Thursday, June 30, 2011

Ashes to Ashes, Dust to Dust

Heading south from the town of Hobart my family would have looked out upon miles and miles of prairie farmland in every direction.    Soon, though, we would have come upon a break in the roadway with a   turn-around driveway leading off to the left.    At the end stood a sturdy red stone marker.  I don't know if we would have stopped to read the marker, but knowing my dad, there is a good chance that we did.    This marker, which is still there, tells the sad story of a one-room school house which had once stood on that spot in what was once  the community of Babbs Switch, Oklahoma.  Neither the School House nor Babbs Switch can be seen there now.




from  E. Taylor @ rebelcherokee.labdiva.com


There are many stories and newspaper accounts of this 'town that is no longer there,' including a popular children's book The Babbs Switch Story, by Darleen Bailey Beard.    On a snowy, cold Christmas Eve in the year 1924 the people of Babbs Switch all gathered at the school house for the annual Christmas program.  Typical of that time, the building was a one-room school house.   It had been damaged by the strong prairie storms in the years past, so the community had fixed up the building with fresh paint (thinned with turpentine) and strong screens to seal the windows from wind damage.   








About 200 people from the extended community crowded into the school house for the program which, of course, included both Santa and a Christmas tree lighted with holiday candles.  Toward the end of the program Santa apparently caused one of the candles to ignite a tree branch.  The tree was knocked over in an attempt to extinguish the blaze, which, instead, caused the fire to spread rapidly.   Terrifying panic took over the crowd and people rushed to the only exit.  The door, however, opened inward so the push of the crowd prevented the door from opening fully and trapped many folks inside.  The strong screens prevented attempted escapes through the windows.  In the end, many people were severely injured and burned, and a total of 36 people lost their lives that evening as the building burned to the ground.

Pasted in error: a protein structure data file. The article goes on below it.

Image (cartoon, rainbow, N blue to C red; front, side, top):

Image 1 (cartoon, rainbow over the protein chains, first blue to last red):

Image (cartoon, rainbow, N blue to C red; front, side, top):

The survivor's stories are harrowing.  Some say that the jammed doorway was filled with only the hands and heads of people trying to escape the inferno.  People were seen pleading for help at the windows, but the strong screens prevented escape.   It was reported that one family of four, the Coffey's, calmly formed a tight circle in the center of the room.  Their burned bodies were found wrapped arm in arm the next day.  One engaged couple were planning a Christmas wedding the next morning.  The prospective groom was instead being treated for severe burns Christmas day, while his bride was being buried in a mass grave.   


blogoklahoma.us:  The Oklahoman, December 27,1924


Injured survivors were rushed to nearby Hobart for medical treatment, but the tragedy continued.  Most people had taken the common precaution of draining their car radiators to prevent them from freezing while they attended the program.  Their cars, as a result, overheated along the roadway to Hobart's medical facilities, complicating the rescues and delaying treatments.


School House Safety


The Babbs Switch fire did have a positive consequence in the end.   The story of the tragedy in this tiny town swept the the entire nation as well as the state.   Oklahoma's Governor together with the State Fire Marshall launched a campaign to improve fire safety at all school houses and public buildings.  The result was a nationwide requirement that all doors on public buildings open to the outside,  and steel netting was banned on all school house windows.  Additional safety regulations were also adopted, such as a prohibition of candles on trees and the requirement that there always be more than one exit on buildings. 









3 comments:

Just Stuff From a Boomer said...

Wow, that is quite a horrific story but is a part of history, I'm sure that was repeated other places.

You hear so often of the exits to a building being blocked. For instance, in the Triangle Shirtwaist Fire on March 25, 1911, where 146 of the 275 employees, mostly women, lost their lives due to doors that were chained shut.

Rob From Amersfoort said...

What a horrible disaster. As soon as you mentioned turpentine I knew what was coming. I had heard about the Triangle Shirtwaist Fire but I'd never heard of Babbs Switch. I hope the site gets visited a lot.

Nate Maas said...

Oh, how very sad!